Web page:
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Is this the original Aaron Baptist Church?
Photo courtesy Michael Hardy



Originally published: 2012-05-24 13:00:35
Last modified: 2012-05-24 13:03:26

Our Avery County: Things I wish I knew

Michael Hardy / (news@averyjournal.com)

Being a historian is a very rewarding profession. Constant digging and research produces new information on the past. That information is then analyzed and compared with what is already known, and then communicated to people. 

There is, however, a downside. So often, I come across little bits and pieces of information that just don’t fit, or where more facts are lacking. 

Take for example the story of the Daniel Boone Motor Trail markers in Avery County. There were originally three here: Newland, Linville and Banner Elk. Information about the marker in Linville is adequate: I know where the marker was, where the remnants are and there is a postcard or two that actually show the marker. In contrast, no one knows much of anything about the marker in Newland or what happened to it; nor does there seem to be a photograph of it. For the marker in Banner Elk, which was on the grounds of Grace Hospital, there is a photograph, but that it is all. What happened to this marker? 

Recently, I set up a Facebook page entitled “Avery County History and Genealogy.” This page is a way for people to talk and share pieces of their past that are connected to Avery County. One of the members, Donald Greene, sent in a photograph supposedly taken in Montezuma. One of the ladies in the photograph is Matilda (Keever) Greene. However, no one to whom I have shown the photograph has ever seen the building. Is this a photograph of the original Aaron Baptist Church? The current building was built in the 1920s, so this photograph would date before then. 

Kawanha, a community below Grandfather Mountain, has also been known as Naomo. To date, the meaning of either moniker eludes me. 

Horton Cooper writes that Birchfield Creek was named “for a man who once lived near its mouth, engaged in the distributing of counterfeit money, before he moved to Old Fields of Toe, where he died of milk poison.” Since he moved to “Old Fields of Toe,” this would be prior to 1911-12, when the area became Newland. Who was this Birchfield?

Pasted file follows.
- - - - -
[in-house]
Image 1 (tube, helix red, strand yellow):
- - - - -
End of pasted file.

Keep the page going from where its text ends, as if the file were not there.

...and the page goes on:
We here in Avery County are very proud of Williams YMCA. It is a great addition to the area. However, Williams YMCA is not the first YMCA in the area. There was another in the Crossnore area, in the 1910s or the 1920s. Does anyone have a photograph or additional information, like when it was built, and the years of operation? The remnants can still be seen off Dellinger Road.

Ever heard of the song “Old Troop Dog” by Grandpa Jones? The chorus goes: “Down in the hills of Carolina in a hunter’s paradise/Old Troop Dog is there tonight as sure as the wind does sigh/The coon, the bear, the catamount, still room these hills the same/In a little place call Carey’s Flats where a rock house bears his name.” Does that song refer to our Carey’s Flats? Where was/is the rock house? There is a Rock House Creek between the Gragg and Roseborough communities. Is this the one that inspired the song?

Being a Civil War scholar, I, of course have numerous questions surrounding that period of time. On several occasions, I have had folks ask me about details of a skirmish that took place in or near Miller’s Gap during the war years. It would seem all that is known is that there was some type of altercation in Miller’s Gap. There were a reported 30 to 40 men who worked at Cranberry Iron Mines during the war, yet I only know the names of two: Isaac English and George Dugger. Who were the others? Then there is the story of the bag(s) of silver being thrown into the pool of Elk Creek Falls. 

And there are a few place names on whose origin I would like more information: Loggy Gap, Elsie, Hale, Lineback and Scalley. How about Raiders Camp Creek? It starts in Avery County and crosses over into Caldwell County and eventually flows into Wilson’s Creek. Is the history of Raiders Camp Creek tied to the Civil War?

I could probably drone on and on about some of these mysteries, and many others. If you have information on these, please drop me a line and let’s get these pieces of Avery County’s past documented for future generations. You can contact me at (mchardy@michaelchardy.com) Also, let me encourage you to check out the Facebook page. There is some great information-sharing going on. You can pose your own questions or share those interesting photographs.